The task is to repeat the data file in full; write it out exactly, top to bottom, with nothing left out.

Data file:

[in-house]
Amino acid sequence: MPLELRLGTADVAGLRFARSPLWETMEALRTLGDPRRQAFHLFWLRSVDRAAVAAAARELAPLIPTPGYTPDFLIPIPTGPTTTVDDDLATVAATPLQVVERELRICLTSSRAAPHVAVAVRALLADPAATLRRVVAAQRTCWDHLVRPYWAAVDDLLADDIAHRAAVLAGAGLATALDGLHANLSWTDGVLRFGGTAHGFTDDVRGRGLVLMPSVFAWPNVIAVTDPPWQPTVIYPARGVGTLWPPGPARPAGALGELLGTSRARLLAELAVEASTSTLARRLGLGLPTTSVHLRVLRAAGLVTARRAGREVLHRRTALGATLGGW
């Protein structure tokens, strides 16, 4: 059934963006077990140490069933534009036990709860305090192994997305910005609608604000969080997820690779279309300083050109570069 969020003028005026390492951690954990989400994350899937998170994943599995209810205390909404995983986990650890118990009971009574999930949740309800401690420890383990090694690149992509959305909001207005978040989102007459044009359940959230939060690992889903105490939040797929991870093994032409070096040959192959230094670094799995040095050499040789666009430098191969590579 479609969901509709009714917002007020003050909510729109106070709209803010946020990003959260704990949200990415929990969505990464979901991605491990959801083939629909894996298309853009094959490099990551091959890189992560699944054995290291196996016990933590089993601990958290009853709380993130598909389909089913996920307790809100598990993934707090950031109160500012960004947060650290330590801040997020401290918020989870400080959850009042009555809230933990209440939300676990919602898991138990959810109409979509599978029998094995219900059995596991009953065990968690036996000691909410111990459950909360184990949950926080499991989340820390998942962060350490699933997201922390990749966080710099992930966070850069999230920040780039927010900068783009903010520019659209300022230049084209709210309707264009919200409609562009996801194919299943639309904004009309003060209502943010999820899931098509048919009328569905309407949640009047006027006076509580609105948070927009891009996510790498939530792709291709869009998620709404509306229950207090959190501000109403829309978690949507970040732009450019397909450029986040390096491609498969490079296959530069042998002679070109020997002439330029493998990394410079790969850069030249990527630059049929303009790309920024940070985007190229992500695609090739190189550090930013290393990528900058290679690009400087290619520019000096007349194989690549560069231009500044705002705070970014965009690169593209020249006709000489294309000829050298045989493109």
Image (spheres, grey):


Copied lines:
[in-house]
Amino acid sequence: MPLELRLGTADVAGLRFARSPLWETMEALRTLGDPRRQAFHLFWLRSVDRAAVAAAARELAPLIPTPGYTPDFLIPIPTGPTTTVDDDLATVAATPLQVVERELRICLTSSRAAPHVAVAVRALLADPAATLRRVVAAQRTCWDHLVRPYWAAVDDLLADDIAHRAAVLAGAGLATALDGLHANLSWTDGVLRFGGTAHGFTDDVRGRGLVLMPSVFAWPNVIAVTDPPWQPTVIYPARGVGTLWPPGPARPAGALGELLGTSRARLLAELAVEASTSTLARRLGLGLPTTSVHLRVLRAAGLVTARRAGREVLHRRTALGATLGGW
């Protein structure tokens, strides 16, 4: 059934963006077990140490069933534009036990709860305090192994997305910005609608604000969080997820690779279309300083050109570069 969020003028005026390492951690954990989400994350899937998170994943599995209810205390909404995983986990650890118990009971009574999930949740309800401690420890383990090694690149992509959305909001207005978040989102007459044009359940959230939060690992889903105490939040797929991870093994032409070096040959192959230094670094799995040095050499040789666009430098191969590579 479609969901509709009714917002007020003050909510729109106070709209803010946020990003959260704990949200990415929990969505990464979901991605491990959801083939629909894996298309853009094959490099990551091959890189992560699944054995290291196996016990933590089993601990958290009853709380993130598909389909089913996920307790809100598990993934707090950031109160500012960004947060650290330590801040997020401290918020989870400080959850009042009555809230933990209440939300676990919602898991138990959810109409979509599978029998094995219900059995596991009953065990968690036996000691909410111990459950909360184990949950926080499991989340820390998942962060350490699933997201922390990749966080710099992930966070850069999230920040780039927010900068783009903010520019659209300022230049084209709210309707264009919200409609562009996801194919299943639309904004009309003060209502943010999820899931098509048919009328569905309407949640009047006027006076509580609105948070927009891009996510790498939530792709291709869009998620709404509306229950207090959190501000109403829309978690949507970040732009450019397909450029986040390096491609498969490079296959530069042998002679070109020997002439330029493998990394410079790969850069030249990527630059049929303009790309920024940070985007190229992500695609090739190189550090930013290393990528900058290679690009400087290619520019000096007349194989690549560069231009500044705002705070970014965009690169593209020249006709000489294309000829050298045989493109």
Image (spheres, grey):